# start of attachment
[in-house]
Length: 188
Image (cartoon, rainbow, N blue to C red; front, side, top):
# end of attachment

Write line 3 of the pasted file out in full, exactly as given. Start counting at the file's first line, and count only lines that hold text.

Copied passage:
Image (cartoon, rainbow, N blue to C red; front, side, top):